Fair weather: But Bums keep fans inside

Published April 14,2005, in issue 0415 of the Hook

The Fair Weather Bums
at Miller's
Tuesday, April 5

BY MARK GRABOWSKI TUNES@READTHEHOOK.COM

When the weather outside is frightful, Miller's is often too full, but in the colder months there are many evenings where there's nowhere else in town you can go to slake your musical thirst. With the coming of spring, the insides of the bar ooze into the many tables out front, leaving behind a smoky shell where good tunes can be appreciated without the loud buzz of the worker bees disturbing the chorded splendor.

Last Tuesday evening was one such night: the recent arrival of spring brought outdoor seating back in vogue on the Downtown Mall, and The Fair Weather Bums decided to reward those of us who stayed indoors with their bluegrass mastery.

Composed of Peyton Tochterman on guitar and vocals, Darrell Muller on stand-up electric bass, and Andy Thacker on mandolin, the group is a tight little outfit, mixing pop and country together with the old timey sound that Charlottesville loves so much.

The trio began with a story song of soft guitar and mandolin, the bass coming in for only the last verse, but they quickly left the stage for their 15-minute food break. Before long, they were back, and things got hopping from there.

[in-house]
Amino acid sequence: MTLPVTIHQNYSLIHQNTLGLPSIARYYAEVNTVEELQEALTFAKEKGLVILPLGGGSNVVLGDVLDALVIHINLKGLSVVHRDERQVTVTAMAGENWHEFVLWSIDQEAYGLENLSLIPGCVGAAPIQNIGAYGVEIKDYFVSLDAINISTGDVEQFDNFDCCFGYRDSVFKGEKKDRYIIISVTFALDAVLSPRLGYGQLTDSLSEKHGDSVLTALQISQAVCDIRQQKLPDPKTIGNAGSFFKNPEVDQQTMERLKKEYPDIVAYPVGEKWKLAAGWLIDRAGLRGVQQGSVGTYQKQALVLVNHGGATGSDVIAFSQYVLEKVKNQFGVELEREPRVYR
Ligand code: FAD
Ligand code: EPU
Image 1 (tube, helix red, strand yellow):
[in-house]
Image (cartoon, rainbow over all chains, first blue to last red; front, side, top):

"Been working on the new railroad / mud up to my knees" sang Tochterman in a medium-high gravelly voice. "Working for old John Henry / he's mighty hard to please," he continued, and I was struck by the quality of his vocal chords, seeming to fit exactly what I imagined the song's steel-drivin' protagonist would sound like. Mandolin flourishes punctuated Tochterman's lines, each verse ending with the coda "Been all around this world," in two-part harmony.

A short little ditty, the song soon gave way to what seemed to be the bluegrass equivalent of Madness' "Our House"– a song that seemed to be speaking of both the end of the destruction of a couple's home and the end of their relationship, all in three part harmony. Some of the longest verse lines I've ever heard in a pop song finally gave way to a phenomenal mandolin solo from Thacker, shortly before the "goodbye so long" coda repeated to close the number.

A slow waltz was up next, a sort of bluegrass "In My Life," a song of longing for times and places past. The group's slower numbers were definitely their best material they played that night, though the standard-time pieces were no slouches. Amid the quite varied set, Tochterman announced the group has a record coming out the first week of May, and that's one record I'm going to check out.

In a town with so many bluegrass aficionados, a supply demand curve would seem to dictate that there would be many acts to quench the acoustic thirst. The Fair Weather Bums are at the top of that heap.


The Fair Weather Bums

MÁIRE CORCORAN

#